Free Speech Off the Table
Published: Tuesday, January 15, 2013
Updated: Tuesday, January 15, 2013 02:01
Every Blue & Gray tour guide traversing campus throughout the year — followed by his or her gaggle of eager prospective students — touts the well-known statistic that Georgetown boasts over 500 student clubs and organizations, adding — only half-jokingly — that matriculating freshmen promptly sign up for about half of them. Getting involved in extracurricular activities is the hallmark of a Georgetown experience and a valuable complement to a Georgetown education.
Student groups unaffiliated with the university should not expect to receive every privilege afforded to those that are formally recognized. But when withholding privileges means denying rights, university policy is overstepping its bounds.
Saturday’s spring Student Activities Fair was designed to showcase extracurricular opportunities for students looking to get more involved on campus in their second semester. Groups with formal university recognition were given a space inside O’Donovan Hall to table and recruit new members. Yet unaffiliated groups, including the fraternities Sigma Phi Epsilon and Sigma Alpha Epsilon, were refused a space of their own — even outside the dining hall doors. Members were told to move to Red Square or Leavey Center — the university’s official “free-speech zones.” Furthermore, some groups, like H*yas for Choice, did not attempt to table at all.
This handling of the unrecognized groups is troubling on two accounts. With respect to student groups, the university is placing itself in direct opposition to one of its greatest strengths: student-led organizations. While it is perhaps understandable that the school’s Jesuit heritage might prevent it from endorsing all organizations, the administration would do well to remember that Georgetown owes much of its esteem to a diverse culture of student-led initiatives. Creating roadblocks for student groups only weakens the incentive for thriving campus life.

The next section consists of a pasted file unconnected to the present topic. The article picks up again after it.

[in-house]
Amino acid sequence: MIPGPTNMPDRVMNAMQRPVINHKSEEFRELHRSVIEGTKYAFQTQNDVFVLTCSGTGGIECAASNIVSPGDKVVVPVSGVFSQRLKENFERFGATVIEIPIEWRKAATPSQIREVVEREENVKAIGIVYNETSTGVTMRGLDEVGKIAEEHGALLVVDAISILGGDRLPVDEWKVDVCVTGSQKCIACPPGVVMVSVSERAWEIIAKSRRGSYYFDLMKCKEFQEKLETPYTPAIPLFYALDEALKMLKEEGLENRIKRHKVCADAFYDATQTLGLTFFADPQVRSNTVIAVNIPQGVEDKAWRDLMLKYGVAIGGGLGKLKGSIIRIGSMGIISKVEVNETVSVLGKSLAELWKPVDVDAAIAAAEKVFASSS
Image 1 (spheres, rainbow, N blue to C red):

The deeper issue, however, is that of free-speech zones on campus. In general terms, Georgetown’s speech policy points to the right values: the university as a forum for discourse, free speech as a priority of the academic community and tolerance for individual or group-held protest. The specifics of which groups are given such rights, however, have created an environment where speech is limited and only exceptionally “free.”
The Foundation for Individual Rights in Education defines Georgetown as a “red light” university — one with “at least one policy that both clearly and substantially restricts freedom of speech.” The report points to the Code of Student Conduct’s definitions of harassment, bias-related conduct, disorderly conduct and incivility with other students as red light policies. The real problem with Georgetown’s policy, though, is the frivolous imposition of restrictions. In a university setting, it may be necessary at times to curtail speech that is offensive or could promote dangerous conduct. Yet the university’s policy, both in its language and implementation, establishes the baseline at no right to speech — unless in a private residence, Red Square or Leavey Center — rather than restricting certain types of speech in certain areas. Thus, it is not only insults and inflammatory language that are preemptively prohibited, but also — as we saw this past Saturday — the promotion of student groups on campus.
As a safe space for students to learn and develop, a university needs a free-speech policy that guarantees meaningful free speech, allowing the expression of diverse views while focusing on prohibiting only the most hurtful forms of speech, such as hate speech. When the issues at hand are as tame as tabling among Georgetown’s own students, the administration should not hide behind free-speech zones as a way to shove some disfavored groups into the shadows.